wish and view pages in Normal View. Web Pro supports page caching,
cookies, page dragging and SSL. It's a fast browser that performs
well loading pages over a standard GPRS connection via Bluetooth
The Zire 72 features the same enhanced PIM (Personal
Information Management) applications as the Tungsten T and E models.
The Contacts app supports multiple addresses (home, work, other)
per record, phone, fax and mobile numbers, birthday, web site,
and 4 custom fields. The Calendar has an Agenda view that's very
similar to the Pocket PC Today Screen and shows upcoming appointments,
current tasks and unread email messages. In addition it has day,
week, month and year views. You can color code appointments by
category and the colors will display in day, week and month view.
The Windows version of Palm Desktop is enhanced
to support image, video and voice memo syncing. On the left side
of the screen alongside with the Date, Address and etc. icons you'll
see Media and Voice Memo icons. Clicking on the Media icon will
bring up large thumbnails of images and videos taken with the Zire's
camera that have been stored on your Palm and synced to the desktop.
Even media saved to SD cards will be synced to your desktop and
you can view them here as well. Media offers some basic image editing
functionality as well: you can rotate images 90 degrees, crop,
resize, zoom, adjust for red-eye (though since there's no flash,
you likely won't see red-eye in your images), add text, draw on
the photo and automatically adjust brightness, color balance and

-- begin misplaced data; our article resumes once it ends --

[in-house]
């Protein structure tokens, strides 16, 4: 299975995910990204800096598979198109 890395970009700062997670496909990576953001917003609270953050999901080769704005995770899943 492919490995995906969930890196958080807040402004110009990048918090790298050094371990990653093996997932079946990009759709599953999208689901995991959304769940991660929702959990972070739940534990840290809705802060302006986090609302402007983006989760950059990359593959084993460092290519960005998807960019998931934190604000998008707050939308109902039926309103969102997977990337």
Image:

contrast using the Enhance function. Media allows you to trim videos,
but not edit them in other ways. Palm Desktop Media uses Windows
Media Player 9 as its engine, and the Windows version is included
on the Zire CD. Mac users can download Windows Media Player from
Windows users who prefer to sync to MS Outlook
on the desktop can do so using the software on the included CD.
If you choose to sync to Outlook, your contacts, calendar, memos
and tasks will sync to Outlook while voice notes, images and videos
will sync to Palm Desktop.
As with other recent palmOne PDAs, you'll get
an improved Palm Quick Install tool, which is a much friendlier
version of the old Palm install application. You can even drag
and drop files onto the Quick Install window to install them to
your Palm. The window is divided into two panes, one for internal
memory and one for expansion cards. Very nice!
MP3 Playback and Video
The Zire 72 supports polyphonic audio and has
a standard stereo headphone jack (3.5mm) on the top of the unit.
It comes with RealOne Player for MP3 playback and has a large and
loud speaker on the rear of the unit. RealOne supports background
playback and can automatically turn the display off to conserve
power. Sound quality and volume are quite good through headphones.
The 72 is louder than the Zire 71 and should be more than loud
enough for most users. If you want to put MP3 files on your Palm
(or more likely its expansion memory card), you'll drag the files
to the Quick Install window. Copying files to the expansion card
using Palm Quick Install takes a while (just under 2 minutes for
a 2.6 meg 128k encoded song). I suggest you use an external card
reader to get audio files on the Palm's SD card if you have more
a decent collection of tunes to transfer.
PalmOne's Media app on the Zire 72 can playback
Windows Media Player 9 format files (.asf files) and does an excellent
job. Videos taken with the Zire's camera are in .asf format so
Media can play them. If you're interested in watching movies in
other formats such as MPEG1, MPEG2, MPEG4 and DIVX, check out the
reasonably priced mmplayer for
Palm OS. I tried the most recent "experimental release" (
v0.2.10) and it worked well on the 72. Playback was smooth and
audio remained in sync when I tested MPEG1 and DIVX short trailers
and indie shorts. The free Kinoma
Player 2 also works well with the Zire 72 playing videos without
Bluetooth can be challenging to set up
and less than intuitive to use. Recognizing that, palmOne